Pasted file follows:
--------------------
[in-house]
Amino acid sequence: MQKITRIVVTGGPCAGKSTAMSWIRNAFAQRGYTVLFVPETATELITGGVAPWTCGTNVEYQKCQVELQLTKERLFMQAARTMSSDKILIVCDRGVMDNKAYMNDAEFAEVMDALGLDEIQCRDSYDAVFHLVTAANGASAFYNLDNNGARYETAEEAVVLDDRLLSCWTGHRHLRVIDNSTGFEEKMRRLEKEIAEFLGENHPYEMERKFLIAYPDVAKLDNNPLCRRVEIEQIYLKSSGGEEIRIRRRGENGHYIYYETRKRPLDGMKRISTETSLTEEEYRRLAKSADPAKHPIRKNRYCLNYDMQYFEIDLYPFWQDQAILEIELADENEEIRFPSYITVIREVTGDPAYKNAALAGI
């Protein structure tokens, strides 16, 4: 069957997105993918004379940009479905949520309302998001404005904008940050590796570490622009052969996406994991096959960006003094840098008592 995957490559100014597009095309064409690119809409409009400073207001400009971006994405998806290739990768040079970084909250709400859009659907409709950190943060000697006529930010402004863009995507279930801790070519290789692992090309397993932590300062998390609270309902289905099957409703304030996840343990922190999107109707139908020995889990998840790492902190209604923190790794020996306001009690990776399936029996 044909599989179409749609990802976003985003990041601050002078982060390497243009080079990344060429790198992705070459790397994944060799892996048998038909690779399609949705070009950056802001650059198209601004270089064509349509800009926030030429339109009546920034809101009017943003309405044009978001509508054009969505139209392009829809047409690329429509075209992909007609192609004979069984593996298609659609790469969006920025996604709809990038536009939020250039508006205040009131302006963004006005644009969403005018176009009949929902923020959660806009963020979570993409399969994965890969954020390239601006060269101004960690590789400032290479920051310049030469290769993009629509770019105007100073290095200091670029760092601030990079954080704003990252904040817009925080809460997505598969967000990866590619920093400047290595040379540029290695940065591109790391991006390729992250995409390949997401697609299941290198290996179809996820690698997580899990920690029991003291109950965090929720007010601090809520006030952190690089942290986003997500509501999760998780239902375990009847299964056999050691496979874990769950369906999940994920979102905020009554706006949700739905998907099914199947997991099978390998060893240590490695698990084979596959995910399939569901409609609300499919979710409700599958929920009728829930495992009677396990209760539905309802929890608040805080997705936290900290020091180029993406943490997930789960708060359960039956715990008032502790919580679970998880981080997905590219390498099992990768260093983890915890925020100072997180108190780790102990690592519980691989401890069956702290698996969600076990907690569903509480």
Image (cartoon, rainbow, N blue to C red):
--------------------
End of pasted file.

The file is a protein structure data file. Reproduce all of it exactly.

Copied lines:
[in-house]
Amino acid sequence: MQKITRIVVTGGPCAGKSTAMSWIRNAFAQRGYTVLFVPETATELITGGVAPWTCGTNVEYQKCQVELQLTKERLFMQAARTMSSDKILIVCDRGVMDNKAYMNDAEFAEVMDALGLDEIQCRDSYDAVFHLVTAANGASAFYNLDNNGARYETAEEAVVLDDRLLSCWTGHRHLRVIDNSTGFEEKMRRLEKEIAEFLGENHPYEMERKFLIAYPDVAKLDNNPLCRRVEIEQIYLKSSGGEEIRIRRRGENGHYIYYETRKRPLDGMKRISTETSLTEEEYRRLAKSADPAKHPIRKNRYCLNYDMQYFEIDLYPFWQDQAILEIELADENEEIRFPSYITVIREVTGDPAYKNAALAGI
């Protein structure tokens, strides 16, 4: 069957997105993918004379940009479905949520309302998001404005904008940050590796570490622009052969996406994991096959960006003094840098008592 995957490559100014597009095309064409690119809409409009400073207001400009971006994405998806290739990768040079970084909250709400859009659907409709950190943060000697006529930010402004863009995507279930801790070519290789692992090309397993932590300062998390609270309902289905099957409703304030996840343990922190999107109707139908020995889990998840790492902190209604923190790794020996306001009690990776399936029996 044909599989179409749609990802976003985003990041601050002078982060390497243009080079990344060429790198992705070459790397994944060799892996048998038909690779399609949705070009950056802001650059198209601004270089064509349509800009926030030429339109009546920034809101009017943003309405044009978001509508054009969505139209392009829809047409690329429509075209992909007609192609004979069984593996298609659609790469969006920025996604709809990038536009939020250039508006205040009131302006963004006005644009969403005018176009009949929902923020959660806009963020979570993409399969994965890969954020390239601006060269101004960690590789400032290479920051310049030469290769993009629509770019105007100073290095200091670029760092601030990079954080704003990252904040817009925080809460997505598969967000990866590619920093400047290595040379540029290695940065591109790391991006390729992250995409390949997401697609299941290198290996179809996820690698997580899990920690029991003291109950965090929720007010601090809520006030952190690089942290986003997500509501999760998780239902375990009847299964056999050691496979874990769950369906999940994920979102905020009554706006949700739905998907099914199947997991099978390998060893240590490695698990084979596959995910399939569901409609609300499919979710409700599958929920009728829930495992009677396990209760539905309802929890608040805080997705936290900290020091180029993406943490997930789960708060359960039956715990008032502790919580679970998880981080997905590219390498099992990768260093983890915890925020100072997180108190780790102990690592519980691989401890069956702290698996969600076990907690569903509480």
Image (cartoon, rainbow, N blue to C red):